We are modeling much lower penetration and reimbursement rates, however, as compared to what management indicated that they believe is attainable in the first five years.  We also model only the DFU, and not the VLU market, given dermaPACE clinical data mostly relates to the former.  We also note that much of the diabetic population resides outside of the major cities and instead lives in much more rural areas which have less access to major hospitals and clinics.  These rural populations also account for a higher proportion of related amputation rates.  Evidence has also indicated that while the lack of advanced wound care options is problematic in Brazil, factors such as lackadaisical efforts towards implementation of effective diabetes programs and lack of access to healthcare may be even more problematic (i.e. amputation rates may not necessarily be improved with a better, cheaper wound-care solution).  And while MundiMed’s distribution reach, particularly given their association with GrupoMed, may extend far beyond Sao Paulo and other large urban areas in Brazil, we think initial adoption is most likely to be largely concentrated within the most-accessible (i.e. urban) areas.  And finally, the reimbursement picture is cloudy and given that coverage is often the most important gatekeeper to utilization, until there is more definitive insight into the likelihood of ‘sufficient’ reimbursement, we think this also warrants a more conservative forecast to uptake, adoption and reimbursement rates. 

This is not to suggest that 5% penetration within the first five years is necessarily an aggressive forecast, but with no history of anywhere near that level of utilization to-date, we are taking what we think is a pragmatic approach to modeling this JV.  We also believe the implied very low level of operating costs that are factored into the $25M NPV are aggressive.  Our model is subject to updating, however, particularly if more relevant information becomes available.  Contribution from the JV has now been factored into our model (see Valuation section of our updated report).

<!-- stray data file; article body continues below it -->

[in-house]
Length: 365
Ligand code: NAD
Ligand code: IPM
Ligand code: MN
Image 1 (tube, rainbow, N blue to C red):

Q2 Results, Operational Update: Disappointing Revenue, But Still Guiding for a Big Pick-Up in 2H….

In mid-August SANUWAVE reported Q2 financial results and provided a business update.  Relative to the financials, revenue was disappointing, falling significantly on both a yoy and qoq basis and coming in at less than one-half of our estimate.  In fact, this was the second consecutive quarter in which revenue was pretty much a dud.  For additional context of just how bad recent sales have been, revenue in the first half of 2017 represents the worst showing of any consecutive six-month period since Q1/Q2 2010.  

Nonetheless, based in part on what they indicated was a significant steepening of orders post-Q2, management was still shooting for revenue to set a new record for the full year-2017.  Optimistic, particularly given that 2H sales will need to be more than 4x that generated in 1H?  Perhaps, yet comments on the call including the indicated jump in order flow in July, anticipated revenue from the recent onboarding of additional distributors and countries, and what may be a resurgence in activity from the ever-important territory of S. Korea should provide at least some hope that it is a possibility.  And with the MundiMed JV now consummated, it is also possible there could some related revenue from that channel – potentially in the form of initial device sales (for training purposes) as well as from the upfront (and subsequent) payment.     

Relative to the operational update - while the De Novo application and what FDA's response will ultimately be remain the most significant topics, there have been recent international-operations related activities (in addition to the MundiMed JV) that have also been of interest - most of which surround expansion of the geographic footprint.  We talk about the U.S. and OUS strategies and operational updates in more detail below.